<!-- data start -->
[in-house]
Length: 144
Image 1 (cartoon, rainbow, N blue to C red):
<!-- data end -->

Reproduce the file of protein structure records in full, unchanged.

[in-house]
Length: 144
Image 1 (cartoon, rainbow, N blue to C red):